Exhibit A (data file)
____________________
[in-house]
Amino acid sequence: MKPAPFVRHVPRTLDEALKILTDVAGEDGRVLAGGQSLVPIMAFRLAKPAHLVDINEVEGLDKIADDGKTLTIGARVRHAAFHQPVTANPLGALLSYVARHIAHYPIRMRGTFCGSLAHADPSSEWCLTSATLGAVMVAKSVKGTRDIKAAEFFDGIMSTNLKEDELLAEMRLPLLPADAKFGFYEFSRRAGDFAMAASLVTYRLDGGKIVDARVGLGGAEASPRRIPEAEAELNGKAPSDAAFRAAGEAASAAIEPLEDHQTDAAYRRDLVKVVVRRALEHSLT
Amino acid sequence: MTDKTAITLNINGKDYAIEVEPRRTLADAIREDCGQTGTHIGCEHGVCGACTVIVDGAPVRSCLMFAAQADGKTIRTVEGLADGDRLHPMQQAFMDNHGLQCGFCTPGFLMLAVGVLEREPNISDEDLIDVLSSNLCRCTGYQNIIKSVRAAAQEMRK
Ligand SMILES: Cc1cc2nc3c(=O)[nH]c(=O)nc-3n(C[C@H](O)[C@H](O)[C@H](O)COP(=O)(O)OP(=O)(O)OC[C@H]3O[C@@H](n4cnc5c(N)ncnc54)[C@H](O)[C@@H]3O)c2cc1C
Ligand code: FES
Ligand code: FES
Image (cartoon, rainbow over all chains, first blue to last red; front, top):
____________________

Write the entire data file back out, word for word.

[in-house]
Amino acid sequence: MKPAPFVRHVPRTLDEALKILTDVAGEDGRVLAGGQSLVPIMAFRLAKPAHLVDINEVEGLDKIADDGKTLTIGARVRHAAFHQPVTANPLGALLSYVARHIAHYPIRMRGTFCGSLAHADPSSEWCLTSATLGAVMVAKSVKGTRDIKAAEFFDGIMSTNLKEDELLAEMRLPLLPADAKFGFYEFSRRAGDFAMAASLVTYRLDGGKIVDARVGLGGAEASPRRIPEAEAELNGKAPSDAAFRAAGEAASAAIEPLEDHQTDAAYRRDLVKVVVRRALEHSLT
Amino acid sequence: MTDKTAITLNINGKDYAIEVEPRRTLADAIREDCGQTGTHIGCEHGVCGACTVIVDGAPVRSCLMFAAQADGKTIRTVEGLADGDRLHPMQQAFMDNHGLQCGFCTPGFLMLAVGVLEREPNISDEDLIDVLSSNLCRCTGYQNIIKSVRAAAQEMRK
Ligand SMILES: Cc1cc2nc3c(=O)[nH]c(=O)nc-3n(C[C@H](O)[C@H](O)[C@H](O)COP(=O)(O)OP(=O)(O)OC[C@H]3O[C@@H](n4cnc5c(N)ncnc54)[C@H](O)[C@@H]3O)c2cc1C
Ligand code: FES
Ligand code: FES
Image (cartoon, rainbow over all chains, first blue to last red; front, top):